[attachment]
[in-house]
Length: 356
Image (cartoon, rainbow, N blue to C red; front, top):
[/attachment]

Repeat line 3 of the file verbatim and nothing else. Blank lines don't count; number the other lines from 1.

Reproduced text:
Image (cartoon, rainbow, N blue to C red; front, top):